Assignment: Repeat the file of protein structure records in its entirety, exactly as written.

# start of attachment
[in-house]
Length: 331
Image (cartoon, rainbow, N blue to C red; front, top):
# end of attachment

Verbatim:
[in-house]
Length: 331
Image (cartoon, rainbow, N blue to C red; front, top):